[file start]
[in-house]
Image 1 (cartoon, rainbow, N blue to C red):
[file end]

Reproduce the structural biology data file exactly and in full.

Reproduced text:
[in-house]
Image 1 (cartoon, rainbow, N blue to C red):